Runners are creatures of habit, but sometimes those habits can be our undoing. Want to know if your pre-run routine could use a tune-up? Compare your routine to this list to find out.
Eat Too Much or Too SoonIt’s the cruelest of paradoxes: You need fuel to run, but you can’t run on a full stomach.
Have you ever wondered why?
First, there’s the issue of your body’s resources. After a meal, your body happily kicks into digestion mode—that is, until you abruptly shut it down to keep your legs churning. This harsh transition can leave you with a heavy gut that makes you feel queasy or can cause you to cramp.
Second, unless you’re doing a very slow run that primarily uses fat for fuel, your body will want to burn glycogen. While you probably have enough gas in the tank for a short run (up to 45 minutes at moderate intensity), anything longer than that will need some recently-digested carbs. If you’ve eaten too soon before, then your body hasn’t had time to turn that food into energy.
If you’re short on time and need some quick fuel, then opt for easily digesting carbs, like a couple of dates, or a liquid snack, like a fruit-based smoothie, about 30 minutes before you run.
If you do plan to eat a regular meal before a run, it’s best to do so two to three hours before.
Reach, Hold, StretchThe ‘90s called and wants its stretching back. Yes, it’s true, if your usual stretching routine involves traditional static, reach-and-hold type of stretches, then you might be doing more harm than good. A number of studies have shown that static stretching does nothing to help prevent injury, while others have shown that it can simultaneously have a negative impact on performance.
That’s not to say that static stretching is all bad. In fact, it’s a very effective way to lengthen muscles and increase range of motion, which can alleviate that muscle tightness in the first place. To realize these benefits, simply move your static stretching session to the end of your cool-down, rather than the beginning of your warm-up.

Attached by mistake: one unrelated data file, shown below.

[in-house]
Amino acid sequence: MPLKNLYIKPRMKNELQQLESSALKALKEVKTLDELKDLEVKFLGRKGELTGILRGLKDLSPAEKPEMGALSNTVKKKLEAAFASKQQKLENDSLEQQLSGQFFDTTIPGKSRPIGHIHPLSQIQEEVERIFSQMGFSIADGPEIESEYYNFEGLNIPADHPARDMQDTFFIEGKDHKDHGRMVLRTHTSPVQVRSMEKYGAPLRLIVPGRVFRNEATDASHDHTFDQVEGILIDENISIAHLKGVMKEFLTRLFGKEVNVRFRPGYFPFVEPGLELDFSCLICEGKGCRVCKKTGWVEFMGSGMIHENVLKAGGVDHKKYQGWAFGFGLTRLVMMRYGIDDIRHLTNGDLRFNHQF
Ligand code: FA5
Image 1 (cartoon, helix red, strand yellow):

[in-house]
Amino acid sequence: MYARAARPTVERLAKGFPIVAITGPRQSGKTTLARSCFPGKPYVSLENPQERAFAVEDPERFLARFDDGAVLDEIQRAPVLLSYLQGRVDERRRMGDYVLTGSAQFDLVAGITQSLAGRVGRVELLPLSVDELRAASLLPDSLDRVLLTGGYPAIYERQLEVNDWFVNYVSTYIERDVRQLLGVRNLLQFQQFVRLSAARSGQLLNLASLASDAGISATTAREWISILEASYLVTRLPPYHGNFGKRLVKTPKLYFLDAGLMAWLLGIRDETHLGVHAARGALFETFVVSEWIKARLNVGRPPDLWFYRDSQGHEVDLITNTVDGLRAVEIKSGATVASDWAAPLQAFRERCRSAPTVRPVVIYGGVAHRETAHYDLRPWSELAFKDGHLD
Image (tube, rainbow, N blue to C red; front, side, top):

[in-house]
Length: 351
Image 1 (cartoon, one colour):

Skip the Warm-upIf you think a light jog can satisfy your warm-up, time to rethink it.
“Running is inherently one of the most plyometric activities we do, so it’s critical that we prepare the tissue to handle the demands of that activity by gradually ramping up the nervous system,” says Dr. Richard Hansen, an Olympic-level running coach and owner of High Altitude Spine & Sport in Boulder, Colorado.
That’s why Hansen puts his athletes through a smart, progressive warm-up before every workout— even the easy ones.
Hansen tells his runners to think of every workout like a bell curve: Each workout should begin with light dynamic exercises designed to stimulate the nervous system and warm up the body’s tissues.
The intensity and complexity of the exercises should increase as the warm-up progresses, until effort level reaches the apex of the curve, which represents the actual actual run itself. Try progressing through leg swings, marches, skips and strides to ramp up intensity and get your muscles and your neurons firing on all cylinders before your next run.
Now you know what not to do before your next run. By breaking out of these bad habits, you can build an effective pre-run routine that will keep you running safe, strong and happy.
Find your next race.